- No eye witnesses. The whole case was built on circumstantial evidence and expert opinion.

- No evidence to show Hemraj's presence in Aarushi's room.

The Investigating Officer was convinced of the complicity of the Talwars and had recommended that they should be charge-sheeted. A meeting with both the CBI teams that had investigated this case was held to make sure we were not missing any crucial evidence. After detailed discussions, it was felt that the evidence against the Talwars was not enough to warrant a charge sheet, and a professional investigating agency such as the CBI should only chargesheet when a case is established beyond all reasonable doubt. In this case, as explained in the preceding paras, they were too many gaps in the investigation.

The lower court thought otherwise, and after a trial, it convicted them. This decision has now been overturned by the High Court, giving them the benefit of doubt.
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The Talwars walked out of Ghaziabad's Dasna jail on October 16 after four years behind bars

It is quite possible that the CBI, after making a detailed study of both the lower court conviction and High Court acquittal, may decide to appeal to the Supreme Court.

After the Aarushi-Hemraj murders, two very sensational murder cases were handed over to the CBI to investigate during my tenure as Director.

Shehla Masood

The first was the murder of Shehla Masood, an RTI activist in Bhopal. This was a totally blind case with no eye witnesses. After about six months, the CBI got a tip that this was a contract killing on the instructions of one Zaheeda Pervez, a local architect and interior designer. The motive was to eliminate a woman who she suspected was intimate with her paramour. In this completely blind case, the CBI was able to secure a conviction.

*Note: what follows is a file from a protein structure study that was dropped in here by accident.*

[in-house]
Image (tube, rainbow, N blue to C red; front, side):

Bhanwari Devi

In another very sensational murder, a nurse, Bhanwari Devi, was found missing after she was reported to be blackmailing a senior minister in the Rajasthan government over a sex CD. No case of murder could be established till her body was recovered. The hired criminals had murdered Bhanwari Devi and then burnt her body and thrown the ashes into a canal along with the weapon of murder, which was a baseball bat. The CBI got the flow of water to the canal stopped with the permission of the Rajasthan government. After two days, when the canal water had receded, investigators recovered fragments of bones including teeth which were later sent to an FBI lab in USA which confirmed these were Bhanwari Devi's. A gold Titan wrist watch belonging to Bhanwari Devi was also recovered. Investigators also recovered a baseball bat 60 kms from the place of occurrence at a barrage where it was stuck. The accused confessed that they had used the baseball bat to crush her skull before burning her body.

This is just to illustrate that CBI has successfully investigated a number of blind and difficult murders.

Scotland Yard

It is not always possible to detect all crimes with a 100% record. Even agencies such as Scotland Yard are not able to solve all murders. In a high profile case, Jill Dando, the television presenter for BBC's Crime Watch, one of the most widely-watched shows, was shot dead outside her London home in 1999. One Barry George was convicted on the basis off forensic evidence but acquitted on appeal after 8 years in prison. It is still being treated as one of the greatest unsolved murders in Britain.

The Aarushi-Hemraj case is among the few murder investigations which, unfortunately and despite the best efforts of the CBI, could not be brought to a satisfactory conclusion.

(AP Singh was the Director of Central Bureau of Investigation (CBI) from 2010 to 2012)